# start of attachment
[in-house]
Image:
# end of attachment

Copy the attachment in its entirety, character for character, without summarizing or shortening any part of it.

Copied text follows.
[in-house]
Image: